Can they close the deal?
There have been a bevy of stories floating in the wake of a Feb. 2 report by The New York Times that informal talks between key officials for the writers and studios on Friday had finally yielded a breakthrough that could lead to the end of the strike that has tarnished Tinseltown for three months.
If , as The New York Times reported, the Writers Guild of America and the Alliance of Motion Pictures and Television Producers have come to some still unspecified accord over compensation for TV shows streamed on the Internet, then a deal could be struck by the organizations’ boards by week’s end. Ratification by the WGA’s full membership, presumably, would come later.
WGA and AMPTP officials did not respond to attempts to contact them this weekend.
Should peace be at hand in the strike that has kept WGA members off the job since Nov. 5, then ABC’s Feb. 24 Academy Awards telecast, traditionally TV’s second biggest show of the year behind the Super Bowl, should come off without too many hitches.
What it would mean for broadcast dramas and sitcoms that halted production in the wake of strike is another. It’s unclear whether there would be a rush to put together a number of installments to wrap the 2007-08 “season,” such as it. Or would efforts be focused on pilot production in order to pump the pipeline for next fall and beyond?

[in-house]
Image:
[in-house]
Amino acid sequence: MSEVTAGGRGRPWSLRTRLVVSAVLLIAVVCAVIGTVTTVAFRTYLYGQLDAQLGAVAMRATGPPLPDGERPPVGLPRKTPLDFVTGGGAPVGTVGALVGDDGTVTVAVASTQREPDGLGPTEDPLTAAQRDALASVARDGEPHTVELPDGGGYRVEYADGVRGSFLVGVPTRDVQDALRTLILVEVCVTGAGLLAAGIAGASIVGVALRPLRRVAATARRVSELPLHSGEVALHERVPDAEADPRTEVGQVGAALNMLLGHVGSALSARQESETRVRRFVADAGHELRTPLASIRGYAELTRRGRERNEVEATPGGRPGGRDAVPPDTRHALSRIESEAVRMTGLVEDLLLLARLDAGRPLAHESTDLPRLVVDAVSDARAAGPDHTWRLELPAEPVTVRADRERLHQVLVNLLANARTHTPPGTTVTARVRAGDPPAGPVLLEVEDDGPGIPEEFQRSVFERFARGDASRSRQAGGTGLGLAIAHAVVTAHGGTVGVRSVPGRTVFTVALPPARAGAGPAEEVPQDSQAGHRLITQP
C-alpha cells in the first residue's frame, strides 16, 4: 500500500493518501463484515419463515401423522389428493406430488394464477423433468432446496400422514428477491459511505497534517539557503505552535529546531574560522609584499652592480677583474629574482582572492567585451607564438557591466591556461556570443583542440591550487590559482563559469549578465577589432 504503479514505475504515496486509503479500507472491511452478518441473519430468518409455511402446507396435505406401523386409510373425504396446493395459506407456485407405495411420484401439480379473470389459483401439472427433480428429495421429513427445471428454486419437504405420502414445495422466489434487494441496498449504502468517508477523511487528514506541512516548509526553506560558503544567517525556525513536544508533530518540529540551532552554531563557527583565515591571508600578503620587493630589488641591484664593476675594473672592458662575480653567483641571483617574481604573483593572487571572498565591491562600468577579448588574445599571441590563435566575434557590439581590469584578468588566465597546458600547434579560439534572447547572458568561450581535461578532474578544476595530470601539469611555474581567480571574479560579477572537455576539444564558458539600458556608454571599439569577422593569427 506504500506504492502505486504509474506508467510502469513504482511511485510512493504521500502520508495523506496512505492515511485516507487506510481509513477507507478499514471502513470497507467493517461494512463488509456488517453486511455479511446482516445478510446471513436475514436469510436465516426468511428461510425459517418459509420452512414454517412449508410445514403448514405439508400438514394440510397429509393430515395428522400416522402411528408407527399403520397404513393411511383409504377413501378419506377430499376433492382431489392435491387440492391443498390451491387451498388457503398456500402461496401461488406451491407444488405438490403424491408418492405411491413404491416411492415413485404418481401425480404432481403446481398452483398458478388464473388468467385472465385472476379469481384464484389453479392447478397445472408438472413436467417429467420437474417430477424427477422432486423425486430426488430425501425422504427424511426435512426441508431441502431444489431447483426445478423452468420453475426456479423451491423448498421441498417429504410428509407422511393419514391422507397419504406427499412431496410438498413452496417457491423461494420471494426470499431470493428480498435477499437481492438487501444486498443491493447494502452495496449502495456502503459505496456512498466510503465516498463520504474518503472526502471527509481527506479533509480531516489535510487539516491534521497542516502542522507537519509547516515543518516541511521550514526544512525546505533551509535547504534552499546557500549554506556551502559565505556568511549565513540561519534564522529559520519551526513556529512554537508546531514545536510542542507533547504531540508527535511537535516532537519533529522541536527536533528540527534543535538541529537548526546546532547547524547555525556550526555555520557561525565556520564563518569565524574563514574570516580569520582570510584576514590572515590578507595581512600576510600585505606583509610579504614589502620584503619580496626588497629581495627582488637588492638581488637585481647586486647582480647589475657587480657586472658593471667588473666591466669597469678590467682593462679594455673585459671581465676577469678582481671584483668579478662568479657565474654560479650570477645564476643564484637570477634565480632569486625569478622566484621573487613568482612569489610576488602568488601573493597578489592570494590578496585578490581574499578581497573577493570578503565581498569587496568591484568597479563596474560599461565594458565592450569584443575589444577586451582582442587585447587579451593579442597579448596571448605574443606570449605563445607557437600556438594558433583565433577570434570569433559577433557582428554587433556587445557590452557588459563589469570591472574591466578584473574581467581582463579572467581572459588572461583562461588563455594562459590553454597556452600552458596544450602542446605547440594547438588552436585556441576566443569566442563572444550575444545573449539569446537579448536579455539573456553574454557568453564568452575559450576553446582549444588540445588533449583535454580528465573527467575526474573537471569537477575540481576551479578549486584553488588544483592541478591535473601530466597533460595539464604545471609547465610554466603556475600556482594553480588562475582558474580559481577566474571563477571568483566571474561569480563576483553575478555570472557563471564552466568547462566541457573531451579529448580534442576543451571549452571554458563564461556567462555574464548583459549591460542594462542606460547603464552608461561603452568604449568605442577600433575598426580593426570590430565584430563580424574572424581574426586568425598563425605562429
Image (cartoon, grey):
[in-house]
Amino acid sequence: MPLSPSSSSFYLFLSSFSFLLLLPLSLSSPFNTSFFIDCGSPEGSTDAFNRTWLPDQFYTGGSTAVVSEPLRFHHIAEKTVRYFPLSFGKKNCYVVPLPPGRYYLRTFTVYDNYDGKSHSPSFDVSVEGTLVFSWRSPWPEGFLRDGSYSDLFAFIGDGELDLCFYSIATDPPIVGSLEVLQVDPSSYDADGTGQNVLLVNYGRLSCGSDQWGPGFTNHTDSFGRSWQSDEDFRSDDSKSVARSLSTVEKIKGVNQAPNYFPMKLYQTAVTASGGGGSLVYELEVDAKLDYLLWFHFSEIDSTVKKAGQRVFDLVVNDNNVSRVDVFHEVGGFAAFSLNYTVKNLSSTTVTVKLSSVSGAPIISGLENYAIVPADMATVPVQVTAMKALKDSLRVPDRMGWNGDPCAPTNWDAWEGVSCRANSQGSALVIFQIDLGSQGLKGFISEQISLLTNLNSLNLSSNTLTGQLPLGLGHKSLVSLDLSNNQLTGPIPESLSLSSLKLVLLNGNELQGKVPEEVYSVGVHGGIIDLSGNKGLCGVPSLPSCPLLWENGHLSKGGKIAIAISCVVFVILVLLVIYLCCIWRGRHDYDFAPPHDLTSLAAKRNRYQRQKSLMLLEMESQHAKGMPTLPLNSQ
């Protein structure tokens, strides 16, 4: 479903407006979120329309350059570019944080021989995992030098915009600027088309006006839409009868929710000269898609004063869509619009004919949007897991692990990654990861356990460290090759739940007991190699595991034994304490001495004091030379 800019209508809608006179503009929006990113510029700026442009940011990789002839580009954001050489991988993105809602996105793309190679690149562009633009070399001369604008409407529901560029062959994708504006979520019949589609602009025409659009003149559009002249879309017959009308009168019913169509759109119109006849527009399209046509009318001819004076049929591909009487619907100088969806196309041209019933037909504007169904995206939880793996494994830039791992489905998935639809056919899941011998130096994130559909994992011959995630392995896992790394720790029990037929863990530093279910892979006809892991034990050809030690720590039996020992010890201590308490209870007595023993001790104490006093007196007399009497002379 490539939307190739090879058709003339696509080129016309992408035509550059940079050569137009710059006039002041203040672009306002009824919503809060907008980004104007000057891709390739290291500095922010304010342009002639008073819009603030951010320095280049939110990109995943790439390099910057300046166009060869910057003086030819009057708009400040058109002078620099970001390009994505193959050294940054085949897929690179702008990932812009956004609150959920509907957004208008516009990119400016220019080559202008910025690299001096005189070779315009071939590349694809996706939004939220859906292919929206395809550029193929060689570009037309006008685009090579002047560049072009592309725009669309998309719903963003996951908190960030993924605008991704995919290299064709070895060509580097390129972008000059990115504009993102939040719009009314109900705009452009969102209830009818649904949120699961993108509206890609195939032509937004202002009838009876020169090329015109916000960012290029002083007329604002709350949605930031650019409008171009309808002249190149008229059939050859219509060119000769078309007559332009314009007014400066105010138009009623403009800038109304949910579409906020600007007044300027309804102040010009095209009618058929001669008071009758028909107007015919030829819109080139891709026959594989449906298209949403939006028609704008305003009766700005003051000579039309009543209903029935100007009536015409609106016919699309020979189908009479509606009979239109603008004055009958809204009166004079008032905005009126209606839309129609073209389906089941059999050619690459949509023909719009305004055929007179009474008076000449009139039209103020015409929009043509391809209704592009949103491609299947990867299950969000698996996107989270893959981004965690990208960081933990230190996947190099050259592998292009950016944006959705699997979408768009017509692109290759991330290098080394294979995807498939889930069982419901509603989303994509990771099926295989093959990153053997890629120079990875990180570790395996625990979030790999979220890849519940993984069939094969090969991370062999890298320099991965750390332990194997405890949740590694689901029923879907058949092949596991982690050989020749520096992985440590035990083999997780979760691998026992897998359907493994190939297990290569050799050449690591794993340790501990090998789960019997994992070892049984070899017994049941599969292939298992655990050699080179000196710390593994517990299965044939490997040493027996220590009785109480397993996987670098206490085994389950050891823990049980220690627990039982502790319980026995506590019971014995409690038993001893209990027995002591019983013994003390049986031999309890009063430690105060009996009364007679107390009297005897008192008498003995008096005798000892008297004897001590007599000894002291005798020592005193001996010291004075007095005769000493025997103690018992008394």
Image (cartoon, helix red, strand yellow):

From cable’s perspective, a resolution to the strike could mean that many of the medium’s original series could return in some fashion this summer. A recent interim agreement by the WGA with Lionsgate was good news for fans of Showtime’s Weeds and AMC’s Mad Men. Indeed, the retro advertising series was scheduled to begin production on its second season -- aimed again at a summer run -- in late February or early March.
A broader accord with the studios over the next week or so should go a long way toward ramping up production schedules, and perhaps getting shows in gear in time for summer. In the case of Lifetime’s big hit, Army Wives and FX’s fireman series Rescue Me, it would be a case of catching up: The former was set to go into production last November, while the Denis Leary-starrer was in line for a January start by Sony Pictures Television.
For TNT and cable’s biggest series hit, The Closer, a resolution with sister company Warner Bros., would leave the Kyra Sedgwick-starrer in fine fettle. One executive familiar with the schedule said production on The Closer would typically begin in April.
If a resolution does come, it will be interesting to see how quickly writing teams can reassemble and pen scripts, and when shooting/production can commence. Broadcast and cable scheduling could prove tricky in the months immediately ahead.
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